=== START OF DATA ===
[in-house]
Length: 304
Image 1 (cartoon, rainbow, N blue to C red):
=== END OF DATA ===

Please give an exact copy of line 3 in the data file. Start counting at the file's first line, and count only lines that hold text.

Image 1 (cartoon, rainbow, N blue to C red):